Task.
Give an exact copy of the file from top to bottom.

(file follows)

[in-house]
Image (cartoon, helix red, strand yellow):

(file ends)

[in-house]
Image (cartoon, helix red, strand yellow):